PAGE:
DACs are a very important piece of equipment nowadays due to the high amount of digital media we consume. A digital to analogue converter (DAC), also occasionally known as a digital audio converter, is used to take a digital sound and make it listenable, essentially.
So, we can hear analogue sound in the form of air pressure. Speakers and headphones can create the same air pressure we know as sound. Cool. So we can place a CD into the player and the sound in the disc is heard through the speakers with the help of an amplifier. It's not quite that simple. The sound written on a CD is just really a bunch of ordered 1's and 0's, which certainly don't directly translate to sound. They need to be decoded, or converted to an analogue signal.
There are plenty of common misconceptions about what DACs can be used for and what they should be used for.
Lets first list a few things that are 'digital'. Here are a couple of examples we can use.
Most CD players, iPods and phones already have a DAC inbuilt. This means the signal coming out of your CD player is likely already an ANALOGUE signal. Phones are a similar case. If you connect your phone to an audio system through the headphone connection, or the 'aux' as it's sometimes known, you've already got your analogue signal. The reason these are putting out an analogue signal, is the digital media has already been run through the unit's inbuilt DAC. This is not always a fantastic quality DAC. A great CD player will probably have an awesome DAC inbuilt, however phones, iPods and entry level CD players will just have a DAC to get the job done. If you stream your music wirelessly through Bluetooth to an adapter, it's likely the adapter has a basic DAC inbuilt aswell.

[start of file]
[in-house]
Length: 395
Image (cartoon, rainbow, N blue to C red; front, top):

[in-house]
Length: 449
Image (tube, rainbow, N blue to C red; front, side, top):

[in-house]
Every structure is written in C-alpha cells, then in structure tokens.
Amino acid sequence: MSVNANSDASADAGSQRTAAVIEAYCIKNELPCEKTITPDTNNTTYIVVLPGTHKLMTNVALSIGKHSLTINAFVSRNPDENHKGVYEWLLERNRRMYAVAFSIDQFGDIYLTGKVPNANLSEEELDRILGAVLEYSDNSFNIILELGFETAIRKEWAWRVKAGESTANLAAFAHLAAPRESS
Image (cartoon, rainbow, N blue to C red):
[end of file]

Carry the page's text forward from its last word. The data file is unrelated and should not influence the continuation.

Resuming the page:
Phones, iPods and SOME CD players also have a digital output. The USB or charging port on your phone or iPod can carry a digital audio signal. If your CD player has a digital output, such as an optical or coaxial digital connection, this too can carry a digital audio signal. Same thing goes for wireless receivers and adapters, they may have a digital output. Going from THESE connections to an external DAC will now mean that the files in the phone or on the CD are being converted to an analogue signal by an external unit.
Mick also did a great write up on DACs and the reality of their use. You can read that here. His rule of thumb came down to RUBBISH IN, RUBBISH OUT. This means, no matter how good the DAC you're planning on using is, if you have average or bad quality digital files and recordings, they'll still sound average or bad. However, a better DAC allows you to make the most of better quality digital files and recordings.
Using digital outputs on your source allows you to bypass the potentially average inbuilt DAC and get something better to do the work.
Some DAC's have differing digital input connections, so you need to make sure if you're looking at a DAC for an upgrade it'll have the right connections to match your sources, whether thats a CD player or a laptop or phone.
USB audio connections along-side optical and coaxial digital audio connections are common to find on a variety of DACs.
Here's an example:
Some DAC's even have inbuilt headphone amplifiers, and some run off battery charge. These can be ideal to improve your portable source's signal and can be used with headphones and sometimes an amplifier and pair of loudspeakers too. Here's an example:
In some cases, dependent on both file quality and equipment design and connections, a DAC upgrade may have little to no improvement, potentially even no use at all.
However, with the correct gear, a great DAC can make a great improvement.
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